Beauty Must Have: Protecting Your Eyes

Its warm in NYC. Ok that is an understatement. NYC is in the middle of a heatwave. For the past 5 days temperatures have been close to 100 degrees with humidity levels at 100% . It is recommended to always have the following items…  water (check) wear loose fit clothing (check ) sunscreen (check). What’s the one thing you should never leave home without to protect your eyes especially in the summer? SUNGLASSES!!!!

Prada (try this ) // Karen Walker (currently my favorite) // Ray Ban


There are hundreds of brands, colors and shapes. From low end to high end and some sold on the streets in Times Square . Stylist tip: Invest in a good pair of  classic polarized sunglasses. They last longer! What are Polarized Sunglasses?

According to Sunglass Warehouse , Polarized Lenses are coated with a special chemical film that helps reduce glare. Glare is caused when light from the sun is reflected off of water or a solid surface. By neutralizing glare, polarized lenses help you see objects more clearly, and also help reduce the harmful effects of UV light.

Types of Polarized Lenses

.75 mm polarized lenses

These polarized lenses are made from thin sheets of film and are the best option when you don’t need to worry about impact resistance. The .75 mm lenses are good for most casual sports, like running and golf.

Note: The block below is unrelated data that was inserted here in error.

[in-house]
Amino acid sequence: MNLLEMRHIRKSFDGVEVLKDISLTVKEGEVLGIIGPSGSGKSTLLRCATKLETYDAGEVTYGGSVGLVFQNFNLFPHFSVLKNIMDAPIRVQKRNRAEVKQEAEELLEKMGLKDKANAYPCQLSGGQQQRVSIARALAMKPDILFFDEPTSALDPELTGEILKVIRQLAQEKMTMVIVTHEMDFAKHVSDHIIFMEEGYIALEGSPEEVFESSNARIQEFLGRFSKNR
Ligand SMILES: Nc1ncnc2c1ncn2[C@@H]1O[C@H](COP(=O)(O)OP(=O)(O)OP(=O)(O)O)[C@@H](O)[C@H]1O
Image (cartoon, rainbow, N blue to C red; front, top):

1.1 mm polarized lenses

These polarized lenses are made with thicker sheets of film. They offer more impact resistance than .75 mm polarized lenses, but they have the same polarizing layer. Even though 1.1 mm film is thicker, these sunglasses don’t offer better glare reduction or higher polarization. In fact, the added thickness usually makes them a more expensive option.

Tinted Lenses vs. Polarized Lenses

While tinted sunglasses are great for reducing brightness, they don’t eliminate harsh glare like polarized sunglasses. Don’t let darker lenses fool you into thinking they offer more protection from UV rays, either. The darkness of the lens does not accurately represent the lenses’ ability to block UV rays.

Always check the label on your lenses to see what level, if any, of UV protection they offer. Also, remember that dark sunglasses UV protection will cause more damage to your eyes than not wearing sunglasses at all. Darker tints can cause the pupil to dilate, letting more UV rays into the inner part of the eye.


Now that you know the importance of polarized sunglasses go out and treat yourself to a pair.

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